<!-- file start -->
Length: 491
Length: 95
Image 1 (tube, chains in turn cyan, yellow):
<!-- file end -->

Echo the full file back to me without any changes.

Length: 491
Length: 95
Image 1 (tube, chains in turn cyan, yellow):